Travelling to Thurles on the Sunday morning of May 21, the Cork hurlers knew there was history to be made. Not the sort of history, though, you’d want to be associated with.
Cork had never gone three years without managing at least one victory in the Munster championship. To avoid such ignominy, they’d have to take the reigning All-Ireland champions on their home patch. The team selected to do so contained five players who’d never started a championship match. The remaining 10 had been present inside the whitewash the previous July, when Cork fell to Wexford for the first time in 60 years.
The team selected to do so contained five players who’d never started a championship match. The remaining 10 had been present inside the whitewash the previous July, when Cork fell to Wexford for the first time in 60 years.
Fast forward to Sunday, August 13. Cork, the Munster champions, lead Waterford by two points with 13 minutes remaining on the clock.
Thirteen minutes to an All-Ireland final. Those 13 minutes went anything but to plan, but when Kieran Kingston and his management team sit down to analyse 2017, the positives will far outweigh the black marks.
Darragh Fitzgibbon celebrated his 20th birthday in April, Shane Kingston will celebrate his later this month. Mark Coleman doesn’t hit 20 until December. As for Luke Meade, he’ll turn 21 this October.
Patrick Horgan aside, Fitzgibbon was Cork’s outstanding performer. Mark Coleman is second only to Conor Whelan in the race for young hurler of the year. Fair going for a group who’d never started a championship match for Cork before May 21.
Kingston, Coleman and Fitzgibbon were part of this year’s UCC freshers team which was jointly coached by Seán Óg Ó hAilpín and Tom Kenny. The latter, a two-time All-Ireland winner, says the injection of young blood was badly needed.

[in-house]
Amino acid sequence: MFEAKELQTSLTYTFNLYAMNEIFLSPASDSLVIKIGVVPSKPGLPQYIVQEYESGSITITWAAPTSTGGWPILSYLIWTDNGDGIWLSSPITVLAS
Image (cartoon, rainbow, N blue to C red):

“This has been the first year in a long time where players have come through. The younger lads don’t have any fear. They’ve put a pep in the step of the older players.
“Over the last 15, 20 years, you associate Cork teams with young fellas that spring up out of nowhere. Kieran and his management team have done that this year. The young lads got a taste of Croke Park on Sunday, albeit they didn’t get the result they came for. That’ll whet their appetite for 2018.”
YOUNGSTERS WE DIDN’T SEE
Twelve members of John Melyer’s U21 squad trained with the seniors throughout 2017. Along with the above mentioned quartet, Patrick Collins, Chris O’Leary and Michael O’Halloran were part of Sunday’s match-day 26.
Completing the dozen are Robbie O’Flynn, Sean O’Donoghue, Darren Browne, David Lowney and David Griffin.
Having spent the past nine months adapting to life at senior level, 2018 will be about writing their names on the starting team-sheet.
“I saw, first-hand, the potential of these lads through my role with UCC,” Kenny continues. “Robbie [O’Flynn] has a bright future ahead of him. If he can be moulded in the way Luke, Mark, Shane and Darragh have been this year, he has great potential for next year.
“Last year and the years before that, we were critical of the fact that youngsters weren’t coming through. All of a sudden, those players seem to be there. You have an U17 team that won an All-Ireland title and a minor team in an All-Ireland final.
“You don’t want to say everything is looking bright for Cork hurling, but at the moment, all indicators seem to point in the right direction with regard to winning Munster championships, making Croke Park and bringing renewed hope to the people on the street.”
Cork sub Killian Burke remarked ahead of the semi-final that no member of the Cork rearguard was subbed during the Munster championship. It spoke volumes of how collectively effective they had been. Management, in fact, opted for the same 15 for each of their four championship outings.
Kenny observed: “For next year, management will use the league to get another five or six players up to the level where, when they come on, they will have an impact and who could also possibly start.”
STYLE OF PLAY
Define or label it whatever way you want, but Cork know how they want to play. That it didn’t get them over the line on Sunday shouldn’t lead to significant tweaking ahead of next year.
“While people will always follow Cork, the levels of enthusiasm and the numbers travelling to games went through the roof in 2017. The players are to thank for that. They got back to playing good, traditional style Cork hurling,” Kenny insisted. “They are playing short, snappy hurling. It’s appealing and has led to a reconnection with Cork supporters. It also won three out of four championship games.”
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